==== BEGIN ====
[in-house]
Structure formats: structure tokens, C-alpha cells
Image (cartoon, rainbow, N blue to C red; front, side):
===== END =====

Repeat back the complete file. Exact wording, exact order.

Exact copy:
[in-house]
Structure formats: structure tokens, C-alpha cells
Image (cartoon, rainbow, N blue to C red; front, side):